• by kalirion (728907)

        Huh? italics don't work anymore in either "Plain Old Text" or "HTML Formatted"? bold still works in both though.

        Wonder if this is Taco's way of nudging users towards the non-classic Slashdot format (which AFAIK makes it impossible to directly go to your comment from your comments page.)

    • by Compaqt (1758360)

      Good in a sense, but I guess just having a sat phone will be enough to send you to a dark prison somewhere.

      It's nice that the newer generation of sat phones seem to vaguely resemble cell phones, though.

  • by Chrisq (894406) on Monday February 07, 2011 @10:11AM (#35126274)
    I am pretty suspicious of all the things that people claim as " inviolable human rights" now. Would the USA put its money where its mouth is and give money to foreign powers to give people internet access? Would they even pay for someone in part of the USA who can't afford access in a remote area?

    If anything this dilutes the idea of real human rights - if every country in the world doesn't provide "human rights" to someone or other it becomes meaningless to criticise counties on this ground. Human rights should be confined to life, liberty, and essentials that we would all agree on.
    • by NevarMore (248971)

      The thing about rights is that they are NEVER given or granted by a government. Rights are inherent. A government may protect or make exercising rights easier. More commonly they restrict, prohibit, and block exercising rights.

      Human rights should be confined to life, liberty, and essentials that we would all agree on.

      Good luck with that. I respect your utopian idea that we can all agree on basic, inherent, and fundamental rights but it won't happen. The best thing you can do to protect rights for yourself and others is to exercise them regularly and often and always stop and think if something you

      • by sznupi (719324)

        always stop and think if something you're doing will be infringing on the rights of someone else

        But a straightforward ability to ignore such violations, to convince oneself in being oh so good and having higher moral ground, is one of the nicest things about the export of suffering [chomsky.info]...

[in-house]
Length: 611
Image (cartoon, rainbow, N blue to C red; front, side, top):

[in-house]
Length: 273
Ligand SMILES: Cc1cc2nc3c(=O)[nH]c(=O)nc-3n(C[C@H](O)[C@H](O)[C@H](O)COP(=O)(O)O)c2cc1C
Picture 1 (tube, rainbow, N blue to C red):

• by CRCulver (715279)

        The thing about rights is that they are NEVER given or granted by a government. Rights are inherent.

        So people claimed during the Enlightenment. But they also believed that rights were inherent because they were granted to every human being by a Creator. In contemporary society, when people are less likely to believe in a "magical sky fairy", there isn't such a convenient basis for natural rights. If there are no objective moral values, as has been argued by many proponents of Utilitarianism and taken up by

        • by Compaqt (1758360)

          So are do you argue that there should not be natural rights (I realize your post wasn't normative) since there are no sky fairies?

          Or the reverse? There are no rights without sky fairies, therefore we should believe in some or another $DEITY.

          Also, since you seem to be Phil major, is the above line of reasoning basically Nietzsche's, or have there been other developments before or after?

          • by gfreeman (456642)

            What are these natural rights? Got a list of them? Are you sure there aren't any more than those on that list?

          • "So are do you argue that there should not be natural rights (I realize your post wasn't normative) since there are no sky fairies?"

            The question is not whether they should exist, but whether they do exist. He said, rights are social constructs (even human rights) so there are no inherent/natural/objective rights. And if human rights are social constructs, then they can differ from culture to culture. (Ok, there was a UN decision about that, but that only applies to those participating.)

      • by chill (34294)

        There is no such thing as an "inherent" right, despite flowery language.

        If you believe there is a right to life, feel free to wander thru a wild area with carnivores and debate your "right". Or drop off in the middle of the ocean and scream about your "right" to life as you drown.

        If a "right" was granted by God, no mere mortal could take it away, even if they tried.

        Rights are granted by society. Society is who will punish you if you try to exercise a "right" they say you don't have.

    • by commodore6502 (1981532) on Monday February 07, 2011 @10:23AM (#35126394)